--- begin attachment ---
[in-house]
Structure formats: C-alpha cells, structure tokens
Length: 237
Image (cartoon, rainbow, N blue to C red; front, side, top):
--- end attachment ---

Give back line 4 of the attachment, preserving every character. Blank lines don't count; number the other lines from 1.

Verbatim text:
Image (cartoon, rainbow, N blue to C red; front, side, top):